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All in bad taste...

#1 All in bad taste...
13/11/2011 21:16


I come from a target school. Last summer, I interned with Booz and I was extended an offer. I joined them after I finished my mba this year. Soon after, I realized that the team that my offer partner & his team had quit the firm. I got staffed on a bad project on the road, bad manager, bad equation etc. Once that got over, I began noticing that I was being increasingly marginalized by my home office.

And five months into joining the firm, I've been counseled out by folks in the office who had barely worked with me. Without warnings, feedback or feelers from my mentors.

From what I see, the things that worked against me were

- Not developing my mentor relationships beyond the formal channel (thanks to the assignment)

- Not schmoozing with the senior folks in the office.

Frankly, I had no idea that firms could be this disrespectful of new employees and this political. Or maybe its just a Booz thing. I have a few questions -

- How common is this? Does it happen only in distress or is it normal practice to not give anyone any prior notice?

- Do I have a legal recourse outside of the UK?

- What do I do with my career now?! Any suggestions on how I can position this?

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#2 RE: All in bad taste...
16/11/2011 16:47

deticacaca to abracadabra (#1)

Hi abracadabra,

Just to let you know I am no legal expert nor am I a Booz employee, but I will try to answer the below questions:

- The up or out system is common amongst strategy consultancies. It can also be found amongst other larger firms, although applied in a less draconian fashion. To happen after only five months is quite extreme and usually the "writing is on the wall", for the employee through the various feedback mechanisms in the firm. Without understanding you're personal details it is difficult to analyse further.

- Legal recourse: outside of the UK I can't comment, but inside the UK in theory yes. You would probably have been asked to sign some form of compromise agreement where the company will give you x months salary in return for you waiving your're legal rights to an employment tribunal. If you have signed any form of agreement then it is unlikely you will be able to seek legal recourse. If you haven't you could take your former employer to a tribunal under UK law as it currently stands. Just note usually the amount of salary offered in a compromise agreement is usually just under the amount you would be entitled to at a tribunal (should you win of course), so it is not often worth the hassle.

- As a part of the compromise agreement you can have inserted a standard clause regarding what reference the company can give to future employers. It cannot be misleading in a legal sense nor if a future employer wants to understand certain details around disciplinary actions etc, but it limits the employer as to what they can say to a standard reference request. As for explaining why you left Booz at another interview I will leave that to yourself to define an answer, but honesty is usually the best policy...

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#3 RE: All in bad taste...
31/05/2012 17:59

tua022012 to deticacaca (#2)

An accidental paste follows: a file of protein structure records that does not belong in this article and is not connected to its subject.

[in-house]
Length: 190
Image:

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#4 RE: All in bad taste...
31/05/2012 21:35

Anon66 to abracadabra (#1)

On of my great friends at Booz was made redundant shortly after he joined a few years ago. This happens.

I've not heard of being counselled out after five months too often without significant feedback/prior warning. For one, it makes the offer partner look very bad (though in your case he had left). It can also poison brand on campus (only partially offset by compromise agreements) and damage morale.

You probably have no legal recourse. Whilst five months is an unusual time frame, up-or-out is not unusual in consultancy. If they can achieve it after multiple years without getting consistently sued, the prospects for legal action are likely to be slim.

Given the current atmosphere, future employees will happily assume you left due to economic reasons. In addition to an MBA from a target school and (presumably) prior work experiences lasting more than a year, future employers should not particularly punish you.

You made it four and a half months longer than this joker:

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#5 RE: All in bad taste...
31/05/2012 22:06

Arby the Manager to tua022012 (#3)

Yes - getting counselled out is the norm for any progressive organization with a pyramidal structure and an up-or-out policy. Consulting is a prime candidate for this. However I have never seen a case where no warning has been given.

Hopefully not so much of an unfair judgement, but I think perhaps you are looking outwardly for answers when perhaps you should be looking inwardly.

You blame the bad project, the bad manager, your mentor, the folks in the office. You call networking and building a community "schmoozing" as if it's generally a bad thing.You seem to have a rather arrogant theme simmering just below the surface of your post - as if the whole world was against you and you were poorly treated.

So I suggest you re-examine what happened in those 5 months - but believe me being on the road is the norm in Consulting, having bad projects is the luck of the draw in Consulting. The trick is how you react to them and how you cope with the difficult circumstances. It sounded like you were not a good bet for the firm to make and they cut their losses before getting too far along the road with you. In this case probably it was a fair decision for you both - and will allow you to pursue a different career.


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